“Crimmigration” Cases in Connecticut
When an individual is charged with a crime, there are other questions to ask beyond guilt or innocence, particularly if that individual is not a U.S. citizen. Criminal cases that can make a difference in a person’s immigration status are referred to as ‘crimmigration’ cases, and if you have been arrested and charged with a crime that could get you deported, you need both an immigration attorney and a criminal attorney who understands the possibilities and the dangers involved in this type of case.
Crimes of Moral Turpitude and Aggravated Felonies
Immigration law has its own classification for crimes, which can sometimes be almost totally divorced from the standard criminal law classification. If you are convicted of a crime, it is important to ensure that the crime is not contained in either one of two categories: crimes of moral turpitude (CIMTs) or aggravated felonies (AFs). A CIMT has no specific definition in U.S. immigration law, but it has been defined in various cases as an action that shocks the public conscience or is otherwise so “inherently base, vile or depraved” that it must necessarily show the person has bad moral character.
An aggravated felony is even less well defined - the Immigration & Nationality Act (INA) merely lists several crimes that can be considered AFs, though many of them would, confusingly, be misdemeanors under state law. As a result of these misleading classifications, many criminal defendants will often plead to what they think is a lesser charge, when in reality, it may have the same or even worse immigration consequences than the crime they were originally charged with.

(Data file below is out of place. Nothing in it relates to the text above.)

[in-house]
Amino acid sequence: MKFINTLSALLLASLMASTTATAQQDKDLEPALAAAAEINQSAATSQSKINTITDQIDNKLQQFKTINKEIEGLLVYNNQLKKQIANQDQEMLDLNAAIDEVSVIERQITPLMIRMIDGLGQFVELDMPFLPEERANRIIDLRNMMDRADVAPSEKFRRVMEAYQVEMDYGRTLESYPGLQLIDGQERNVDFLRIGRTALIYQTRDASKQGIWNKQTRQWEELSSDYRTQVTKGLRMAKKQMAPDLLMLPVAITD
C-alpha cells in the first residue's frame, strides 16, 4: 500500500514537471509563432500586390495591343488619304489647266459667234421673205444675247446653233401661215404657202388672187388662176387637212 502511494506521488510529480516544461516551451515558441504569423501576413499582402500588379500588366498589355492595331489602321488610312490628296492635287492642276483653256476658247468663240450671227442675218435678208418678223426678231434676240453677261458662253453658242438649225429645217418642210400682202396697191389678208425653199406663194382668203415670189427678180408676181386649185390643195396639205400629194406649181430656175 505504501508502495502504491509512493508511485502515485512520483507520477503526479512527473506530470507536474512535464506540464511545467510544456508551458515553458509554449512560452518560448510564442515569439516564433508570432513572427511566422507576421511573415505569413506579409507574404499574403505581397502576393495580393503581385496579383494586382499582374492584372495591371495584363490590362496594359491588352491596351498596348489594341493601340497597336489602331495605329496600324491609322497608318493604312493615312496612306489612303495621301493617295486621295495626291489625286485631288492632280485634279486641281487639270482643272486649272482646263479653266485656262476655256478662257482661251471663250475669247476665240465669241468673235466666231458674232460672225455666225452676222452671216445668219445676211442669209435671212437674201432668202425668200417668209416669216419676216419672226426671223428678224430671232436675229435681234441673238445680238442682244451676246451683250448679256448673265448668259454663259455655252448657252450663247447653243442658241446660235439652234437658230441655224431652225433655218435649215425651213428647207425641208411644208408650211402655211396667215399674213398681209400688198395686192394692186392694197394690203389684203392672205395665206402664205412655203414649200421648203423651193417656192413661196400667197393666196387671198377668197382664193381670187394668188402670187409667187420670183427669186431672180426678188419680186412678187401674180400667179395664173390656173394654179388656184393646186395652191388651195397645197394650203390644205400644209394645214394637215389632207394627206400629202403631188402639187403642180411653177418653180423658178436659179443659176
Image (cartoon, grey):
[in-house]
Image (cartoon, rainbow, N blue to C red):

Know Your Options
If you are not a U.S. citizen, and you have been charged with a crime in Connecticut, it is incumbent upon you to be aware of their potential outcomes when you do get your day in court, because the prosecuting authority is not generally required to work with you to minimize any immigration consequences. As of this writing, Connecticut’s State’s Attorneys do not often work with defendants to help them avoid deportation; their focus remains the violation of the state’s criminal laws only. Some prosecutors even view so-called ‘immigration consequences’ pleas as somehow providing special treatment to lawbreakers, given that U.S. citizens convicted of similar crimes do not get to restructure their sentences.
This does not mean that if you are charged with a CIMT or an AF, you have no hope of avoiding deportation in Connecticut. Many State’s Attorneys are aware of the potential problems with this kind of hard-line stance, perhaps most importantly the severe downturn in crime reporting that can result. Law enforcement requires inroads in immigrant communities in order to police them, and endangering that rapport can breed long-term problems. In addition, a knowledgeable criminal lawyer will have an understanding of your situation and will ensure they know the law well enough so that you do not plead to a charge that will get you deported. As of this writing, it can be a shot in the dark as to how your plea may turn out unless you know your facts.
Contact a Knowledgeable Fairfield County Criminal Lawyer
Half the battle for immigrants charged with a crime is to have an immigration attorney on their team. However, you will also need a dedicated Stamford criminal lawyer to try and ensure that the criminal trial goes as you want it. Attorney Daniel P. Weiner has handled all types of criminal cases for years and will work hard to protect your interests - all of them. The Law Offices of Daniel P. Weiner can handle the criminal side of your crimmigration problems, and we are happy to try and sit down with you to discuss your case. Contact our Stamford offices at 203-348-5846 for a free consultation.